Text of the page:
disclosed method

Time out for a tip about a
process

described in a
provisional

application


Provisional applications don’t have claims


A spec that describes only one order of
steps might not cover another order


Process claims are construed to cover any
order, but specs are not


Be alert to unintended process limitations


In re Holcomb
, No. 04
-
1550 (Fed. Cir.
April 14, 2004)

UTILITY

Section 101:

“any new and
useful

. . . .”


“Useful” means that a
specific

and
substantial

utility is
currently
available
.

In re Fisher
,

421 F.3d 1365 (Fed. Cir. 2005)


Nucleic acid comprising any of SEQ ID NO:1 to 5



SEQ ID NO:1 to 5 are ESTs characterized as
being from corn leaves



Proposed uses: chromosome marker, measure
mRNA levels, primers, find polymorphisms,
isolate promoters, control expression, locate
other organism molecules

Fisher

(cont.)


Board found no specific and substantial utility,
CAFC affirmed


Board’s reasoning tracked guidelines


CAFC agreed that
Brenner v. Manson
, 383 U.S.
519 (1966), is controlling precedent


CAFC agreed that Fisher’s proposed uses were
the sort of “use
-
testing” that fails under the
Manson

standard

DISCLOSING INFORMATION TO
THE PTO


Star Fruits v. USA
, 293 F.3d 1277 (Fed. Cir. 2005)


Rule 105: Applicant must disclose nonfrivolous
information if examiner asks for it


Purdue Pharma L.P. v. Endo Pharmaceuticals Inc.
, 410
F.3d 690 (Fed. Cir. 2005)


Rule 56: Applicant must disclose material information
without being asked for it


past tense for prophetic example violated duty of
candor


Novo Nordisk v. BioTechnology Gen.
, ___ F.3d ____, 2005
WL 2443857 (Fed. Cir. Oct. 5, 2005)


past tense for prophetic example violated duty of
candor

Star Fruits v. USA
,

393 F.3d 1277 (Fed. Cir. 2005)



37 C.F.R.
§

1.105 (
Rule 105):



Office may require applicant to submit
information
reasonably necessary

to
examine or treat a matter



Star Fruits

(cont.)

Rule 105 authorizes PTO to require applicants
to provide:


information relevant to examination
procedurally or substantively


information that supports a rejection


information that might not support a rejection
(materiality is not the standard)


information relevant to patentability under
any nonfrivolous legal theory



Purdue Pharma v. Endo Pharms.,


410 F.3d 690 (Fed. Cir. 2005)


District court’s inequitable conduct finding
affirmed


Purdue repeatedly told the examiner what it had
“discovered,” and its surprising “result”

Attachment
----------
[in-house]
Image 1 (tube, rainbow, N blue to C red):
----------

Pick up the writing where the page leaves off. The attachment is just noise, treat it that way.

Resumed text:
Statements were made to overcome obviousness
rejection


Failure to disclose that the discovery was an
insight, not a result, was material


Purdue intentionally misled the PTO

Novo Nordisk Pharms. v. Bio
-
Technology Gen.
,
___ F.3d ____, 2005 WL
2443857 (Fed. Cir. Oct. 5, 2005)



District court found inequitable conduct based on:


Examiner relied on Example 1 to support enablement


Board relied on Novo’s expert testimony about Example 1 to support
enablement in an interference proceeding


Novo failed to disclose that Example 1 had never been performed


Novo failed to disclose that it had not been able to perform Example 1
successfully


Novo argued that district court erred because:


It did not make a finding that anyone had
actual knowledge

that
Example 1 was prophetic


It did not make a finding that anyone had
actual knowledge

that
Example 1 never worked


It did not make a finding that the author of Example 1 had
actual
knowledge

that a prophetic example in the past tense is not good
procedure


Federal Circuit rejected Novo’s “circular logic”

OBVIOUSNESS


Range overlapping prior art range
prima facie

obvious


In re Harris
,
409 F.3d 1339 (Fed. Cir. 2005)


Harris

sharply distinguishes, and may limit,
dictum in
In re Peterson
,
315 F.3d 1325 (Fed.
Cir. 2003)



Case to watch:
Teleflex, Inc. v. KSR Int’l Co.
,
119 Fed. Appx. 282 (Fed. Cir. 2005) (non
-
precedential),
cert.

petition pending at the
Supreme Court

In re Harris,
,


409 F.3d 1339 (Fed. Cir. 2005)


(nickel
-
base superalloy comprising nickel plus
percentages of 12 other elements)



Reaffirms
prima facie

obviousness if prior
art discloses overlapping ranges



Distinguishes dictum in earlier opinion
about “broad” ranges in prior art


CLAIM CONSTRUCTION



PTO applies the broadest reasonable
interpretation in light of the
specification



Do dictionaries trump the specification?

Phillips v. AWH

Corp.
,

415 F.3d 1303 (Fed. Cir. 2005)

Issue:

extent to which specification is used for
finding proper scope of claims


person of ordinary skill reads the claim in context
of entire patent


specification: the single best guide to the
meaning of a disputed term, note 37 CFR
1.75(d)(1)


prosecution history: created by patentee in
attempting to explain the invention


extrinsic evidence less reliable than patent and
prosecution history

Phillips

(cont.)

Why extrinsic evidence is less reliable than intrinsic
evidence:


Not part of the patent


Extrinsic pubs may not be written by or for
skilled artisans


Bias not present in intrinsic evidence


Unbounded universe of marginally relevant
extrinsic evidence


Undue reliance on extrinsic evidence risks
changing the meaning of claims

Phillips

(cont.)

Problems arise if a dictionary is given more
weight than the specification:


focus on the
abstract

meaning of words
rather than on the meaning of claim terms
within the
context

of the patent


collection of multiple definitions from
common to obscure may extend patent
protection beyond what should properly be
afforded

Nystrom v. Trex
,
___ F.3d ___, 2005
WL 2218631 (Fed. Cir. Sept. 14, 2005)

Pre
-
Phillips

decision (dictionary meaning + no scope
disclaimer)
withdrawn

!


“board” not limited to boards of wood


“manufactured” not limited to processes of woodworking
techniques


finding of non
-
infringement
reversed

Post
-
Phillips

decision turns on context of written description
and prosecution history


“board” is limited to boards of wood


“manufactured” is limited to processes of woodworking
techniques


finding of non
-
infringement
affirmed

THANK YOU

stephen.walsh@uspto.gov

(571) 272
-
9035